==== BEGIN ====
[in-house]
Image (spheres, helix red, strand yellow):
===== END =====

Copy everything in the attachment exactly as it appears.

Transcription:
[in-house]
Image (spheres, helix red, strand yellow):